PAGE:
Sunday, June 14, 2015
Michael says...Change Management is much more important to GRC than people realize.
Note: GRC refers to Governance, Regulatory and Compliance, which is the umbrella for all of the state, federal and international regulatory requirements that companies, especially banks, must address.
All the images of IT-GRC relationships have an item for “Incident Management”. What’s wrong with this picture?
Considering that it is an accepted fact that at least 80% of all incidents are change-related, wouldn’t it make sense to shore up the change management processes, policies and procedures? The current paradigm of focusing on the symptom will only perpetuate the risk, whereas directing some of the energy towards the actual underlying mechanisms will reduce the number of incidents, as well as improve MTTR of those that do occur.
To the extent that the regulatory environment is becoming less and less tolerant of incidents, of any type, the argument should be to eliminate the source of the problem, rather than merely improving the ability to resolve incidents.
It’s my opinion that focusing on incident management is the cowards approach to solving the problems. This approach basically throws bodies at the problem, but does nothing to prevent them. The experienced leader will easily recognize that more bodies will cost far more, in the long run, than committing to improving the overall control of the enterprise.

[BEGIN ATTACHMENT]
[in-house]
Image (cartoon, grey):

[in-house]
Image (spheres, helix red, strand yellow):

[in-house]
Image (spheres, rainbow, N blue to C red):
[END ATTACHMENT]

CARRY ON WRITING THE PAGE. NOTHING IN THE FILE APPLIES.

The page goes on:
It’s easy to yell “Fire” and get a spend for fire extinguishers. It’s a lot harder to get money for an “intangible” or “potential” problem.
Ask the designer of the Titanic what his motivation was for not extending the chamber walls all the way to the top of each making them *completely” sealed from one another. (The titanic sank because as water filled each chamber, and causing the ship to dip, water would then spill into the next chamber. Had each been completely separate, no one would have been hurt).
Our culture is happy to pour money into fixing a crisis, but it’s far cheaper, over time, to prevent it.
By integrating better change management principles, and doing so in a collaborative and cooperative manner, many goals can be easily accomplished. By including the enterprise in the paradigm shift, they become champions of the process, because they become partial owners of it. This make socialization far easier, as the communications are developed contextually, rather than independently. This inherent inclusive attitude will ultimately encourage others to be more proactive in approaching change management, and seeking guidance *before* a incident occurs, rather than in crisis, afterwards.